Texas Parental Rights Restoration Act (TPRRA)

In 1995 the Texas legislature amended the Family Code to allow grandparents to sue parents, or others who had custody, for access to their grandchildren. This type of legislation has been adopted in virtually every state in the nation, driven by powerful senior citizen groups. The purpose was to allow a means to have access for grandparents who were being kept from their grandchildren. This change has had unintended consequences that are destroying Texas families and undermining the fundamental right of parents to direct the education and upbringing of their children. The law was amended again in 2005 to allow grandparents to sue for actual possession, in addition to mere access. The statute sets a lower standard of evidence required for access or possession than is required under other parts of the Family Code for custody. That must change!

How do we restore parental rights in this area and stop this abuse? We must change the law!

The first step in standing up for families and changing this law is to make Texas home schoolers and all parents aware of the problem. THSC Association considers the Texas Parental Rights Restoration Act (TPRRA) the solution and is calling for its support in the next legislative session. Please spread the following information!

Why the Texas Parental Rights Restoration Act (TPRRA) is needed

All fifty states have had some type of statutory scheme that allows grandparents to sue families for court-ordered access or possession of children, even when the parents – who are perfectly fit – object. Grandparent access disputes involve litigation that can sometimes have no end.

These are not lawsuits for custody or to terminate parental rights. Grandparent access lawsuits are attempts to invade a family, usually in circumstances where grandparents refuse to abide a parent’s wishes regarding the upbringing of the parent’s children.

In June of 2000 the U.S. Supreme Court ruled in a case involving a grandparent access dispute. Since that time Texas courts have seen a large number of this type of cases. Just like King Solomon, wise judges recognize that the grief of one parent cannot be assuaged by permitting the grieving parent to intrude upon another parent’s family – neither are the needs of children best served by such actions.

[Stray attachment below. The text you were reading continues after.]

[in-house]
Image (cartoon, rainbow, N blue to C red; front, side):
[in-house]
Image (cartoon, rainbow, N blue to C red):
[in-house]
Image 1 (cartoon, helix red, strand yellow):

Talking Points in Favor of TPRRA (HB 2547)

Relating to a suit for access or possession of a child by a grandparent

HB2547 amends what has previously been known as the Texas Grandparent access Statute by
(among other things):

  • Requiring judges to make specific findings when ordering access or possession
  • Preventing litigants from “ganging up” on parents by consolidating cases
  • Requiring that parental rights are honored in both original and modification suits
  • Raising the standard of evidence from “preponderance” to “clear and convincing” when overruling the rights of parent in such cases
  • Protecting families from financial ruin by requiring the recovery of their legal fees in frivolous or harassing cases
  • Requiring courts to hold a hearing on the merits of the case within 45 days and not allowing any temporary orders until that time. This would effectively end needless and prolonged litigation

Families are being devastated financially, even bankrupted, defending these suits. Not only are parents and grandparents financially hurt, but ultimately children as well.

1. Existing Case Law

HB2547 reflects decades of U.S. Supreme Court case law declaring parental rights are perhaps the oldest fundamental liberty interest first recognized under the Constitution.

In June 2000 the U.S. Supreme Court reiterated the importance of protecting parental rights in Troxel v. Granville, a landmark case involving a parent sued by grandparents.

2. Ending Meritless Victories

Under current statute, when a grandparent files suit the judge does not have to order an evidentiary court hearing within any time frame. In practical terms, this means that both parents and grandparents may be locked in unending litigation, with no definite ending date.

The by-product is that families are often locked into a “last dollar standing” battle, even though the initial case brought by the grandparents has no merit. Since the law doesn’t require a specific timeline for an evidentiary hearing to determine if the accusations are even valid, the case devolves into a monetary standoff until one of the sides acquiesces for financial reasons.